I'm not sure we're getting smarter, but arguably, intelligence is the best strength. I'd rather eliminate the problems like Tay Sach's or Huntington's Disease, and I think the ability we have to stop it only makes it right and natural.

    "Fifth, do you think that we are going to become so weak, we will not even be able to use the tools that would correct those very weaknesses? For example, could this interference cause us to eventually lose the muscular capability to wield a rifle to hunt?"

    That doesn't seem very likely. Are you proposing we're going to become amorphous blobs?

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    I think some things are going to have to be worked with, like the human metabolism and aging, but only time will tell -
     
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  5. CapsOwn Registered Senior Member

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    Well I don't mean physically stronger. I mean let's say we eliminate our intelligence. What do we have animals don't? Actually, the better question would be what do animals have that we don't. Our vision is getting worse all the time. We are affected by a number of sicknesses that most other animals would never get. As for the fact that we are weaker, I do acknowledge this. But would we have remained weaker if our minds didn't evolve?
     
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  7. takandjive Killer Queen Registered Senior Member

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    On the whole, hominid critters are not very healthy little guys.

    Are we sickly because unlike other sick animals, we have treatments to stay alive? We also have really long lifespans.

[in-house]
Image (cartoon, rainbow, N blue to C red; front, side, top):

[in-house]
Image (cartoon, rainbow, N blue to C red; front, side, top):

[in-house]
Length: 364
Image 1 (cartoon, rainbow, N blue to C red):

8. visceral_instinct Monkey see, monkey denigrate Valued Senior Member

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    7,913
    Our environment doesn't select for weakness.

    It simply doesn't select for physical strength above a certain level, thus, we don't develop that strength as a race because we don't need it.
     
  9. Hercules Rockefeller Beatings will continue until morale improves. Moderator

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    2,818

    But we’re not the weakest animals because we have our brains. It’s fine to speculate on how we would fair without them, but it’s a pure thought experiment. It’s not valid to suggest that it is some sort of fault with evolution that we would be weak without our brains.
     
  10. cosmictraveler Be kind to yourself always. Valued Senior Member

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    Without our intelligence humans would not be here today.
     
  11. Fraggle Rocker Staff Member

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    24,690
    Not at all. Our intelligence has allowed us to create something unique: an organism that transcends us. It's called civilization. We are analogous to its cells. The individual cells die and are replaced (with a greater number) and civilization continues to advance and prosper. It has had many setbacks, but since the first cities were built around 10KYA, the overall trend of progress has been inexorably forward.

    As it was even before then, arguably starting around 15KYA when dogs domesticated themselves and helped us form the first multi-species community, and continuing through the Mesolithic Revolution of precision stone toolmaking, and then through the Neolithic Revolution of agriculture, permanent settlements, larger tribes with division of labor and economy of scale, resulting in the first food surplus in history.

    Civilization has resisted all of our temporary misguided attempts to destroy it, and keeps coming back stronger. Civilization is the organism you should be focused on, not individual humans.
    If we are so weak, then why is our life expectancy steadily increasing? In particular, why has the rate of mortality of infants--the weakest of us--plummeted everywhere that civilization is not dysfunctional? Why has our death rate from natural causes fallen so precipitously that deliberate or accidental killings by our own artifacts (such as guns and automobiles) and by our own choices (such as suicide and tobacco) have percolated near the top of the list?